How high fashion is using high tech to deliver new customer experiences
Fashion has always been a hotbed for innovation, and has traditionally harnessed the latest in tech and industry developments to better business outcomes. The mills of the industrial revolution transformed production and manufacturing, whilst the internet has done the same for marketing and the customer experience.
Today, technology continues to transform fashion. Have you seen Burberry’s VR mirrors at its Regent Street store? However, high-end fashion companies haven’t exactly been quick to incorporate technology, perhaps due to the fact that much of this industry’s branding is based on heritage, exclusivity, limited quantity and intensive, traditional crafting methods. Compare this with the stack-them-high, sell-them-quick, mass-market appeal of pure-play e-commerce brands and online shopping.
It’s only in recent years that luxury brands have awoken to the power of technology to improve the shopping experience, revive sales and give them an edge over competitors.
Take Gucci, which has worked extremely hard to incorporate technology into its brand. Gucci closed out 2017 with its most profitable year on record and comparable sales rising 45% in the fourth quarter. Creative Director, Alessandro Michele, has successfully used technology and digital transformation to reach new audiences – and new growth figures. Here’s how the lines were blurred between high tech and high fashion.
Gucci’s Fall/Winter 2018-2019 fashion show had people turning their heads for all the right reasons. The Cyborg show took place in what appeared to be a surgical theatre, complete with operating tables and mint-green décor. Models were portrayed as trans-human creatures: one grew a pair of horns, others carried animals, and one had a third eye on her forehead. The concept of the cyborg, which blurs the boundaries between human and machine, was transferred from technology and science-fiction to mainstream apparel.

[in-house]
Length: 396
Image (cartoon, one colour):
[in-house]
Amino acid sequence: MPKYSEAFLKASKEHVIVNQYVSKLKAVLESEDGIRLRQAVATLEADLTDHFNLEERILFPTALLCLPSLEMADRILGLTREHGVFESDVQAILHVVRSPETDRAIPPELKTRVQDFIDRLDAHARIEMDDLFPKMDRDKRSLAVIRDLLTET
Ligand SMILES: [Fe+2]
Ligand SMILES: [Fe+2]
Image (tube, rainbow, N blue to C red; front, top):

In another tech-inspired move, Gucci recently launched its ‘Gucci Hallucination’ campaign, a collaboration with artist Ignasi Monreal to promote its Spring/Summer 2018 collection. Using AR and VR, the campaign used Renaissance artworks as inspiration, putting a new spin on Old Masters paintings via video and digital effects. Scenes included impeccably-dressed mermaids and women in clouds fishing for airplanes. The video concluded with Monreal stepping into a painting of a picturesque lily-covered pond to help a beautiful woman dressed in a gold sequinned Gucci dress out of her watery grave.
The campaign also featured in-store AR and VR installations, which allowed consumers to become part of the campaign rather than just bystanders. Stickers located on shop windows throughout the world could be scanned using a smartphone to give shoppers access to an assortment of Gucci products and Monreal illustrations. This was also extended to print media, with a variety of publications featuring scannable ads revealing 3D pages with special AR effects.
Gucci has raised the bar with its technology and digital transformation strategy, giving customers a new, exciting brand experience by merging technology and fashion. Like the fantastical human cyborgs at its fashion show, the line between these two industries are becoming more progressively blurred. AR and VR have provided opportunities for some of the most traditional and historic fashion brands to play among the most modern and cutting-edge, by providing new ways to interact and engage with customers.
Comments are closed